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Visuals/Origins of the SW 1974 Rough Draft (image heavy) — Page 2

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Ooo, good correlation, Tobar.

Keep Circulating the Tapes.

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 (Edited)

Very good catch re: Shadows of the Empire. I hadn't even thought of that, but the Fritz Lang influence is obvious.

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Alexander Nevsky features the Grand Master of the Teutonic Knights naming one of his order the new Prince of Novgorod--before Novgorod has even been conquered. In Lucas's 1974 rough draft the Emperor does the same for Crispin Hoedaack, the new Governor of Aquilae under Imperial rule.

Eisenstein's striking juxtaposition of black-robed monks and white-robed knights among the German armies also has echoes in both the SW rough draft--where black-armored Imperial troops march down white corridors--and in the final film, which sets the black-clad Darth Vader against white-armored stormtroopers.

And Lucas's rough draft describes the Grande Mouff Tarkin, an Aquilaean priest who wears "long black robes," as contrasted with the white robes of Aquilae's military officers. Here Lucas's use of color symbolism is as deliberately simplistic as elsewhere in the script--more in the vein of Fritz Lang than Eisenstein--because Tarkin is a defeatist who counsels against General Skywalker's plan to save Aquilae from invasion through a pre-emptive strike.

(The priestly origin of this character name explains the derivation of the title Grand Moff: it comes from "Grand Mufti," the chief priest of the Ottoman Empire.)

Plus, the Bene Gesserit in Dune wear black robes, which may have contributed to the black-clad Jedi seen in TPM concept art.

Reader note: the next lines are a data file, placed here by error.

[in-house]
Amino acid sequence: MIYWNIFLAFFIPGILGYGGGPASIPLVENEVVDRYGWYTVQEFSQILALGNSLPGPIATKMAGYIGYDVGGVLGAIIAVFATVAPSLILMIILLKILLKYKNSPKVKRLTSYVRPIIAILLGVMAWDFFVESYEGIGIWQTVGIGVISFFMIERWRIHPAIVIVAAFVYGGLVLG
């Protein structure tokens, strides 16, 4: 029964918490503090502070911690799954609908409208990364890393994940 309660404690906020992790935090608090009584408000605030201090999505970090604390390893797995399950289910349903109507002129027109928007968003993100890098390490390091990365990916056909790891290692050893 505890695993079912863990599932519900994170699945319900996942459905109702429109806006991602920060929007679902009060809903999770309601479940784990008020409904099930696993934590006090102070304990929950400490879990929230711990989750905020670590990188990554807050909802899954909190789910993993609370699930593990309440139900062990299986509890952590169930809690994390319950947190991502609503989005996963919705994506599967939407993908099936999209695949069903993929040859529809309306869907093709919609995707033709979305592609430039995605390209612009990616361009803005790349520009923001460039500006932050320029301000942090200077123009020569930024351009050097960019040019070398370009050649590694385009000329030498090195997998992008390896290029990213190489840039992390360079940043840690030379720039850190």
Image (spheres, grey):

Incidentally, in Fritz Lang's Die Nibelungen, the heroine Kriemhild goes from wearing a white dress in the first film, to wearing mourning black in the second, after her husband Siegfried is killed. This marks her transformation from a youthful, naive innocent to a grieving widow obsessed with vengeance. Lucas surely noted this, though he opted instead to have the rough draft's Leia go through the Madonna-whore transfiguration seen in Lang's Metropolis.

As for Annikin Starkiller's costume, although early on he wears the white uniform of the Aquilaean military, once the group of fugitives set out for Ophuchi with the Princess, he is disguised as a farmer. Likely his farmer outfit would also have been white, making it almost exactly like the costume Mark Hamill wears in the final film.

Because Annikin Starkiller is armed with a laser-sword and laser pistols, he is presumably concealing them. Probably with a brown poncho, reminiscent of Clint Eastwood's Man With No Name:

Mark Hamill wore such a poncho over his white outfit in SW 1977, although it hardly shows up in the final film.

The idea of a white-clad character with a brown Clint Eastwood-inspired poncho would recur in early concept art for ESB. Boba Fett originally had white armor, but his poncho was already brown.

“That Darth Vader, man. Sure does love eating Jedi.”

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Some photos from Alexander Nevsky to illustrate its visual influence on the various iterations of SW:

Vasily Buslai, one of the supporting characters, sports the bowl haircut typical of Russian men in this film. Luke Skywalker ended up with a similar haircut.

Typical Russian women with their hair braided, much like Kriemhild in Fritz Lang's Die Nibelungen--a hairstyle also intended for Leia Aquilae in the 1974 rough draft.

The film's antagonists, the Teutonic Knights, wear white robes and carry shields, like the white-armored, shield-bearing stormtroopers of Lucas's second draft of SW.

The scenes of white-clad Germans murdering Russian peasants happen under the eyes of a sinister black-robed monk.

The Russian soldiers (Alexander Nevsky is center in the photo) wear helmets that leave their faces visible, allowing the audience to identify with them.

On the other hand, the Germans wear quite Nazi-ish helmets that conceal their faces, making them into a nightmarish Other. Lucas borrowed this idea for the Rebel and Imperial pilot costumes in SW 1977.

“That Darth Vader, man. Sure does love eating Jedi.”

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 (Edited)